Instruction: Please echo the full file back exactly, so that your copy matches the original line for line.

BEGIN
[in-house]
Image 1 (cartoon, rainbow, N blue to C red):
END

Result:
[in-house]
Image 1 (cartoon, rainbow, N blue to C red):